being turned into a big budget Hollywood film.  Fear equals
entertainment and big box office tallies.

> My own fear is that they know what sells, what might make it as
> a movie and so on.
>> Maybe if scientists figured out a way to weaponize human embryos and kill
>> millions of adults with them, the Christians would reverse their position
>> on
>> stem cell research. After all you don't see Christians complaining about
>> nuclear weapons research do you?

Actually, there are Christians who protest nuclear weapons research.

> Oh, that's far from the truth. You're overstating (and so weakening
> your claims). If scientists did find a way to weaponize embryos
> and kill millions of people with them, the Christians (especially the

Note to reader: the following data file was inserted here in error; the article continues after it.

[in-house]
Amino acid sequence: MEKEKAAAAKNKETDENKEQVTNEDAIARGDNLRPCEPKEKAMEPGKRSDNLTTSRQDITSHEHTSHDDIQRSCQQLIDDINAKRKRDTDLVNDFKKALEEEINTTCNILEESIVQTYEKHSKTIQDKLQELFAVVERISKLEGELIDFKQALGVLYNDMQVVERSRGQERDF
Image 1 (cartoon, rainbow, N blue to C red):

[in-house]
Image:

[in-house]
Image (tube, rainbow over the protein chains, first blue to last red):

> most devout) would be on all the rooftops shouting
> " W E    T O L D    Y O U    S O  !  ! "
> and it would be hard to say that they hadn't. "There are things man was
> not meant to know!".

This reminds me of a quote by a 19th century French scientist (the
name eludes me) who said (I'm paraphrasing), "Christ will return to
the Earth right before mankind discovers all the keys to creation."  I
wish I knew the name.

> You've definitely got the thing pegged with Frankenstein and Shelley.
> I guess there was the Golem in Judaism. Unfortunately, there just
> seems to be something perverse in Western civilization that the
> Japanese, say, appear to be quite as free from as were the ancient
> Greeks.

The story of Adam and Eve being thrown out of Eden for disobedience
and partaking of the fruit from the Tree of Knowledge of Good and Evil